Urban path travel time estimation using GPS trajectories from high-sampling-rate ridesourcing services

Diego Correa, Kaan Ozbay

Research output: Contribution to journalReview articlepeer-review


Link-Travel-Time (LTT) estimation is essential for the planning and operations of a variety of transportation services. Given the random sampling of a very large number of GPS-points over a highly complex urban network, the task of organizing these individual GPS readings to estimate LTTs requires the development and implementation of a novel comprehensive data processing and path-finding methodology which is described in detail in this paper. As part of this novel methodology, an innovative data-driven matching-algorithm to estimate urban LTT from high-sampling-rate GPS data projected onto the Open-Street-Map network is developed and implemented. Then, using these LTTs, we construct Path-Travel-Time (PTT) between major origin-destination pairs. PTT of Actual-Paths (AP) followed by GPS-enabled vehicles are compared with k-Shortest-Paths (SP), allowing us to better understand route-choice behavior and overall traffic conditions. We compare PTT from observed-trips (OD-trips), map-matched AP, and SP paths with Free-Flow (FF). Results show that OD-trips, AP, and SP exceed FF by 15%, 41%, and 15%, respectively. The difference in PTT between OD-AP is ∼5%, which means the map-matching process works well and does not create bias in our analysis. People using the shortest-path varies with the distance; for ∼3-mile-paths, 50% of users do not use it. For ∼6-mile-paths, the percentage reduces to 35%, and for ∼9-mile, the percentage is 25%. A relatively high number of trips spend more time than the average and much longer than the shortest PTT.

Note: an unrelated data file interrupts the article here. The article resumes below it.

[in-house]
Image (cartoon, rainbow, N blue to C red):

Original languageEnglish (US)
Pages (from-to)267-282
Number of pages16
JournalJournal of Intelligent Transportation Systems: Technology, Planning, and Operations
Issue number2
StatePublished - 2024


  • large scale GPS data analysis
  • link travel time
  • ridesourcing
  • shortest-path
  • urban networks

ASJC Scopus subject areas

  • Control and Systems Engineering
  • Software
  • Information Systems
  • Automotive Engineering
  • Aerospace Engineering
  • Computer Science Applications
  • Applied Mathematics


Dive into the research topics of 'Urban path travel time estimation using GPS trajectories from high-sampling-rate ridesourcing services'. Together they form a unique fingerprint.

Cite this